Councillors were impressed with the plans, praising the way the architectural design of the new build would blend with the old buildings, and showing an appreciation of how the school has balanced the need for play space. There was an understanding of the traffic and parking problems but an acceptance that parking is a problem at all schools, and that it was not of sufficient weight to stand in the way of the school’s improvements.

Construction traffic and pedestrians and cyclists do not mix, especially for young children and I asked if the condition on delivery hours could be amended to be well clear of school finishing time. I am pleased that this was taken up. Deliveries will now have to be completed by 2.45pm in termtime.

Contractors will be encouraged to use Park & Ride, as there will be no parking on Blinco Grove except for the school car park.

Morley Memorial development

mlysch1The County Council is planning to develop our local primary school on Blinco Grove, Morley Memorial – but the determination of the planning application has been deferred yet again, and is now scheduled for the Planning Committee meeting on 16th March.

It should have been determined last December, but the traffic statement contained serious omissions and was sent back for further work.

We hope that the decision will be made soon, to allow the school to get on with its development. For more information on the plans, see here.

 

Morley Memorial: plans for new classrooms plus a day nursery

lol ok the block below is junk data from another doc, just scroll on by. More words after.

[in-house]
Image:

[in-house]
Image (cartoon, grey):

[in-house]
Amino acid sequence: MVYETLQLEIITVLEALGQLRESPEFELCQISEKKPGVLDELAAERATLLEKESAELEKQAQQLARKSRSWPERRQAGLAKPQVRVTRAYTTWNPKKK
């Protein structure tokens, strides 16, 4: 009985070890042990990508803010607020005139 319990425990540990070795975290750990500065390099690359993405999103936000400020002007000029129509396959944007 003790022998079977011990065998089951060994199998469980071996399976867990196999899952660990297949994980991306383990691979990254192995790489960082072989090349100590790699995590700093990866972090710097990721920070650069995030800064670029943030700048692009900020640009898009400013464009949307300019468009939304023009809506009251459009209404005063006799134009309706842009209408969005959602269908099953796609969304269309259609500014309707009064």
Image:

mlysch1

An old photo, but not as old as the school, founded in 1899

The County Council intends to improve our primary school on Blinco Grove (dates from the 19th century) and to create a day nursery in the Early Years building on the corner of Baldock Way and Blinco Grove.

The planning application was to have been decided this month, but has been halted to allow more work on the transport statement. Unfortunately it contained serious inaccuracies, including a questionable claim about ‘sufficient unrestricted on-street parking available on the roads surrounding the school’. I wonder when they came?

The application is now intended to be determined on 16th February. If you haven’t seen the plans yet you can view them here. If you have commented, you should get a letter from the Council explaining what to do if you wish to speak at the meeting.

Queen Edith’s Way roundabout and pavement cycleways

On Thursday, councillors on the County Council’s Economy & Environment Committee debated the proposals for changes to the Queen Edith’s Way/ Fendon/Mowbray Road roundabout, and to the pavements and cycleways on Queen Edith’s Way. Queen Edith’s Way residents Dara Morefield, Richard Martin and Tim Moore all spoke at the meeting, and I was sitting on the committee that day.

The QE Way/ Fendon/ Mowbray Rd roundabout proposals were AGREED. The proposals for cycleways on Queen Edith’s Way to replace the shared pavements were DEFERRED. The Council will now set up a Local Liaison Forum to develop alternative options better suited to Queen Edith’s Way and those who live and travel on it. This will include residents, as well as councillors and council officers.

You can read the decision notice of the meeting here.

The meeting was recorded by Antony Carpen, with sponsorship by the Federation of Cambridge Residents Associations. You can view it on YouTube here.